Less time debugging, more time building. Scout APM allows you to find and fix performance issues with no hassle. Now with error monitoring and external services monitoring, Scout is a developer's best friend when it comes to application development.

  • GitHub repo stdgpu

    stdgpu: Efficient STL-like Data Structures on the GPU

  • GitHub repo PGM-index

    🏅State-of-the-art learned data structure that enables fast lookup, predecessor, range searches and updates in arrays of billions of items using orders of magnitude less space than traditional indexes

    Project mention: PGM Indexes: Learned indexes that match B-tree performance with 83x less space | news.ycombinator.com | 2021-01-25

    Yep, I'm working on a multidimensional version that I hope to upload to the main repo (https://github.com/gvinciguerra/PGM-index) in a few weeks.

  • GitHub repo Hopscotch map

    C++ implementation of a fast hash map and hash set using hopscotch hashing

    Project mention: Any suggestions for resources to optimize for memory allocation/reallocation? | reddit.com/r/cpp | 2021-01-24

    using an open-addressing hash table, such as abseil flat_hash_map or tessil/hopscotch-map

  • GitHub repo ewig

    The eternal text editor — Didactic Ersatz Emacs to show immutable data-structures and the single-atom architecture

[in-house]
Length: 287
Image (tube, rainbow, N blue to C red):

Project mention: Ask HN: How to learn about text editor architectures and implementations? | news.ycombinator.com | 2022-01-10

    Ewig is an interesting implementation using immutable data structures. https://github.com/arximboldi/ewig Very proof of concept, tries to be a little vi like. Might be worth checking out.

  • GitHub repo ordered-map

    C++ hash map and hash set which preserve the order of insertion

    Project mention: What’s the fastest doubly linked list out there? | reddit.com/r/cpp_questions | 2021-07-27

    Doing some searching, looks like here's an example of someone building one, https://github.com/Tessil/ordered-map

  • GitHub repo Data-Structures-and-Algorithms-in-cpp

    This repository is in development phase and will soon provide you with c++ code of various data structures and algorithms

  • GitHub repo Daily-Coding-DS-ALGO-Practice

    A open source project🚀 for bringing all interview💥💥 and competative📘 programming💥💥 question under one repo📐📐

    Project mention: My First Opensource Program Experience [LGMSOC] | dev.to | 2021-08-16

    At the time when I Joined the Programme I didn't know a lot about Opensource. I just know that what is commit, pull request, issue, how to create repository but not have implemented as I should. While the program runs I contribute to Daily-Algo-Pratice, Hacking-Script and makesmatheasy and I found my many mistake which are pointed by my mentor. As well as due to the Programme I became more active on GitHub and solved many problem and create many projects which helps me a lot to learn about many expects of programming that how a great project is arranged and etc. Before the programme I have listen about Summer of code(SOC) but never Participated. It was a great experienced through out the programme

  • GitHub repo Data-Structures-and-Algorithms

    Data Structures and Algorithms implemented In Python, C, C++, Java or any other languages. Aimed to help strengthen the concepts of DSA. Give a Star 🌟 if it helps you.

  • GitHub repo Ygg

    An intrusive C++17 implementation of a Red-Black-Tree, a Weight Balanced Tree, a Dynamic Segment Tree and much more!